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"Buenos dias", "buenas noches" -- this was the first words in a foreign language I heard in my life, as a three-year old boy growing up in developing post-war Western Germany, where the first gastarbeiters had arrived from Spain. Fascinated by the strange sounds, I tried to get to know some more languages, the only opportunity being TV courses of English and French -- there was no foreign language education for pre-teen school children in Germany yet in those days. Read more



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Conference Information



Full Title: Indigenous and Migrant Minority Languages in Changing Multilingual Environments

   
Location: Luxembourg City, Luxembourg
Start Date: 17-Jul-2013 - 19-Jul-2013
Contact: Julia de Bres
Meeting Email: click here to access email
Meeting Description: Minority languages, by their very nature, exist in multilingual environments. But far-reaching developments in globalisation and migration mean these multilingual environments are currently undergoing dramatic changes. Across Europe and around the world, traditional forms of multilingualism are giving way to new and more complex forms, in which speakers of indigenous minority languages must negotiate their place alongside newer migrant minority languages, in addition to other more established majority languages.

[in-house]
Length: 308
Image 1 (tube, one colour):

In such contexts, several issues are raised, including:

How do speakers of indigenous minority languages construct their position in relation to speakers of both ‘old’ majority languages and ‘new’ minority languages?

How do indigenous minority language speakers view migrant minority languages? Are these languages seen in terms of threat/competition, or as facilitating acceptance of a wider range of languages within a multilingual society?

What three-way relationships exist between the indigenous minority language(s), the majority language(s), and the new migrant language(s)?

What scope is there for indigenous minority languages to gain prominence in a changing multilingual environment?

What can speakers of indigenous and migrant languages learn from each other’s minority language experiences?

What even counts as a minority language in these increasingly complex multilingual environments?

With these issues in mind, this conference addresses the overall question of:

‘What challenges and possibilities do changing forms of multilingualism pose for speakers of indigenous and migrant minority languages, and what opportunities are presented by interactions between the two?’

The conference will take place in multilingual Luxembourg, a traditionally trilingual and increasingly multilingual country that is a prime example of the changing forms of multilingualism that are the subject of the conference.

Keynote Speakers:

Stephen May, School of Critical Studies in Education, University of Auckland (New Zealand)

Guus Extra, Chair of Language and Minorities, Tilburg University (Netherlands)

Melissa G. Moyer, Departament de Filologia Anglesa, Universitat Autònoma de Barcelona (Catalonia)
Linguistic Subfield: Sociolinguistics
LL Issue: 23.3047


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